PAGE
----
This morning we had about 110 miles of Rt 44 to cover to reach the Badlands National Park. The scenery changed significantly west of Winner … in that it was pretty enough to call ‘scenic’. Under a brilliant blue sky we passed by fields of corn and sunflowers, and every now and again we would be given a preview of the Badlands’ terrain. John quickly became exasperated with Brigid’s frequent stops for ‘Kodak moments’.
Although we had gassed up in Winner, we began to become concerned at the lack of facilities along this stretch of road. We had assumed that there would be some small settlements along the way, but the few we passed showed no signs of having any facilities for travellers. (We remarked that this was probably why such a good road was not designated ‘scenic’ in Harley Davidson’s handbook. Between Winner and Badlands NP, we could only have passed 4 or 5 other vehicles, and one recumbent Indian. One wouldn’t want to get caught out with a peanut-sized tank, dodgy fuel pump, oil leak, or flat battery … Sorry guys!)
At the Park entrance we stopped for gas and lunch at the Indian run Woodenknife Café. We can thoroughly recommend the tortillas, which are served in Indian bread.
The drive through the Badlands was spectacular, though John was slightly horrified to find that there were a couple of 2-mile stretches of road that were undergoing resurfacing work.
Remembering his experience in Texas, he rode extremely cautiously over the gravely surface, not wanting to chip the Trophy’s paintwork.
Again, we were anxious not to get too involved in picture-taking as we needed to get a move on if we were to see Mt. Rushmore and Deadwood today.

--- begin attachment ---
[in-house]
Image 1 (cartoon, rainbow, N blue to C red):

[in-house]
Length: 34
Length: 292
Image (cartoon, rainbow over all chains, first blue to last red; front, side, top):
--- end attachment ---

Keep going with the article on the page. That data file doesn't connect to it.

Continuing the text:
A tip: When visiting Mt. Rushmore, there really is no need to pay out $8 per vehicle for parking in the smart new multi-storey car park. There is a free parking area a short distance down the hill, and the walk to the monument (except perhaps for the elderly or infirm) is not far. We were livid when, for the first time in our trip, the two bikes were not counted as one vehicle (we only take up one space, for heaven’s sake), and our National Parks pass was not valid.
Deadwood was also a bit of a shock. Perhaps our moods had been coloured by the experience at Mt. Rushmore, but we had not expected the level of commercialism that we found in this small town. Every business sought to exploit the legend of Wild Bill Hickok. The whole main street was lined with noisy casinos and tacky souvenir shops … not quite as bad as Keystone, but close!
A cooling shower released the scent of the pines as we rode north through the forest to Sturgis. We arrived around 7pm. The rally had ended some two weeks earlier, and I don’t know whether we were relieved or disappointed to find the town so quiet. The Super 8 motel sold some postcards showing the main street full of bikes, and a sign hung above the reception desk “We have no rooms available for the Rally … ever!”.
John finally managed to contact the elusive Henry Corbin Jr. to ascertain whether a) he had received the Title deed for the Trophy from his uncle, Robert, and b) whether he still wanted to buy the bike. The answer to both these questions was no. No, he had not received any Title. No, he would have loved to buy the bike, but his wife had just asked him for a divorce and he could no longer afford it …
We had a solitary dinner in ‘One Eyed Jack’s’.